hellymelly Tue 06-Nov-12 16:29:03

That is my thinking too- although actually I am really strict as the consequences if I have gluten by accident are not good. The only thing I'm not careful on is possible traces, in things like green and black's chocolate for instance, I eat that and don't react. If I got a positive diagnosis I would avoid anything that may have even been processed near gluten, so I can see there would be an advantage to knowing, I just feel green at the mere thought of going through the hell of eating it again.

hellymelly Tue 06-Nov-12 16:30:27

Oh and I think the risk to bones/cancer etc, is only if you are eating gluten isn't it? If you are very strict and avoid it completely then I don't think the risk is still there (this is just from asking a coeliac, not from a GP).

CMOTDibbler Tue 06-Nov-12 16:35:57

In many areas, adult coeliacs don't get any followup though, and as long as you are strictly gf, your bone density etc will be OK. Considering the issues you are having doing the endoscopy, and the result you get from going gf, I'd just do the diet.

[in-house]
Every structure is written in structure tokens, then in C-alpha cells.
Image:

BTW, I've been diagnosed 14 years now, and have had no followup since then.

FSB Tue 06-Nov-12 19:38:00

i don't envy you having to make the decision Pinot. i had been told that the risk of associated illnesses is only increased if you don't follow a strict GF diet, and because DD was so young at the time, we decided to go with the blood test as confirmation, it may have been a different story if she had 30 years of damage to her intestines. we're in the US now, and they seem fine with giving her annual GI appointments as management without any invasive procedures (which is very un-american! perhaps we are lucky to have a relaxed Gastroenterologist...)... good luck with whatever you decide. wine